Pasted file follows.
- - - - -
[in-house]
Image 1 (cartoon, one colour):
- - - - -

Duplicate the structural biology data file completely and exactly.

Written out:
[in-house]
Image 1 (cartoon, one colour):